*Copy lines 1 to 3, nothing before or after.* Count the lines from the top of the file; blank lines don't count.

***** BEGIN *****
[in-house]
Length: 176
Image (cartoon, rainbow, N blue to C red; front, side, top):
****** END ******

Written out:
[in-house]
Length: 176
Image (cartoon, rainbow, N blue to C red; front, side, top):